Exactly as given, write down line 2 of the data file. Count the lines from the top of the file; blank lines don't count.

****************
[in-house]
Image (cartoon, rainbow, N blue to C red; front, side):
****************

Image (cartoon, rainbow, N blue to C red; front, side):